NAFTA’s Bad Apples

Facing ruin, apple producers in the Mexican border state of Chihuahua are mulling an anti-dumpring complaint against U.S. imports. Ricardo Marquez Prieto, president of the Chihuahua Regional Union of Fruit Growers, charged that unfair competition from Mexico’s partner in the North American Free Trade Agreement (NAFTA) threatens the viability of the local apple industry, which could see tens of thousands of tons of warehoused apples valued in the neighborhood of $65 million go to rot.

“We are going to file a suit against dumping if (Mexican) federal authorities don’t get on the ball and move to our side,” Marquez vowed late last week, after meeting with federal officials.

Historically an important crop in Chihuahua, locally-grown apples confront a deluge of U.S. imports, which reached 237,000 tons in 2012. Hammered by unusual freezes, Chihuahua’s orchards chalked up a 55 percent production decline in the same year.

Contending their troubles go beyond climate issues, the apple producers say production costs are higher in Mexico than in the U.S. According to Marquez, electricity costs incurred by Chihuahua producers are more than three times the prices paid by their U.S. counterparts, or $1.72 per kilowatt hour versus 50 cents per kilowatt hour. Simultaneously, U.S. producers enjoy $400 million in government marketing support, he added.

Although Chihuahua growers have recovered from the deep freeze of 2012, meeting 1992’s record harvest of 440,000 tons during last fall’s harvest cycle, as many as 80,000 tons of fruit could now spoil because of a Mexican market oversaturation from U.S. imports. Moreover, producers claim they stand to lose money, since national juice processors only pay 86 centavos for each kilo of apples that costs more than 3 pesos to refrigerate.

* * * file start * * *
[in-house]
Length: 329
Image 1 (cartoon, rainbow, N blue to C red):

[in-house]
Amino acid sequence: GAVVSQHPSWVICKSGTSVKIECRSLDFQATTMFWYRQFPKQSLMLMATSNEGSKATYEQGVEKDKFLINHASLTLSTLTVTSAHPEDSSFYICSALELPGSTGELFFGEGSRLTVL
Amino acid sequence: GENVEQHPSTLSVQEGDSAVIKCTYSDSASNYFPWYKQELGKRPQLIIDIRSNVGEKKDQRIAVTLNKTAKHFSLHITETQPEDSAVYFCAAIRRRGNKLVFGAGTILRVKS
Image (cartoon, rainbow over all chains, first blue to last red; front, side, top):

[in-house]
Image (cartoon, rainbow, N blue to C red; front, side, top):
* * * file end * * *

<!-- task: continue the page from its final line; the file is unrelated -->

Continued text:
On February 26, an estimated 4,000 apple producers, processors and industry workers staged an unprecedented demonstration in the state capital of
Chihuahua City. The protestors demanded that the federal government put a brake on U.S. imports, provide a two-peso subsidy for each kilogram of apples, and apply a compensatory fee of ten cents on the dollar on purchases of fruit imported before and during the local harvest.

Attracting public attention, the demonstrators gave away free apples to passerby. Marquez said federal officials had ignored a petition for industry protection submitted in April 2013.

Former Chihuahua state legislator and rural affairs analyst Victor Quintana later wrote that the February 26 action represented apple growers’ “most important mobilization in their history.” According to Quintana, NAFTA’s apple imports could jeopardize the livelihoods of 35,000 people, including harvest jobs held by indigenous Raramuri workers. Embarked on the National Crusade against Hunger, the Mexican federal government cannot say a genuine campaign is being waged “while taking away dignified work…,” Quintana wrote.